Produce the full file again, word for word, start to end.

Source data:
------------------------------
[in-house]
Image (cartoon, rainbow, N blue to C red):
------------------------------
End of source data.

[in-house]
Image (cartoon, rainbow, N blue to C red):